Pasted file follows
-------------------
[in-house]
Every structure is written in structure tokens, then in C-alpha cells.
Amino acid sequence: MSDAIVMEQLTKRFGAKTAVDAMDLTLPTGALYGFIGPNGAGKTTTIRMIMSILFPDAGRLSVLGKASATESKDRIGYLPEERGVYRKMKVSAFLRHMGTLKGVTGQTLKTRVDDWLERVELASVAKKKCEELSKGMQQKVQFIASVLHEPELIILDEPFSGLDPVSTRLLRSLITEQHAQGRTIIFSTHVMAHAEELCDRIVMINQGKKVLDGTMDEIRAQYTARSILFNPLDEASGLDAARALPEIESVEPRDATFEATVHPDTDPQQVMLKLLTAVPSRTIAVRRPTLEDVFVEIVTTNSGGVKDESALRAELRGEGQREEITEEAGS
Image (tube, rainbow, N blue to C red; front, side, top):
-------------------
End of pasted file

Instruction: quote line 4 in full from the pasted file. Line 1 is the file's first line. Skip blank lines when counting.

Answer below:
Image (tube, rainbow, N blue to C red; front, side, top):